Advice from the Masters: Grace Hopper

Dec 10, 2014 | Better Writing

Grace Hopper was unique. For one thing, I doubt there will be another author with a warship named after them. She was also a computer pioneer, so if you’re reading this on a computer, she’s one of the people you should thank. She’s also the only author I’ve ever heard of who was ordered to write a book.

After being commissioned in the Navy in 1944, Hopper was assigned to the Computation Project at Harvard University. That’s where her boss and senior officer, Howard Aiken, ordered her to write a book about the Mark I computer she was working on. It would become a history of the computer and the world’s first programming manual.

Along the way she learned to write clear, crisp, understandable prose. By reading her work aloud she learned the power of that simple technique. In her words:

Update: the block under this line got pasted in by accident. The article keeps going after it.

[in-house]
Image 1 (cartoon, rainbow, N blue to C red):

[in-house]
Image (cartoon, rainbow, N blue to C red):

“if you stumble when you try to read it aloud, you’d better fix that sentence.”

Want more? Check out the complete list of Advice from the Masters posts

For more on Grace Hopper, here’s an article from the Harvard Gazette where women in computing discuss her legacy and how they can build on it.

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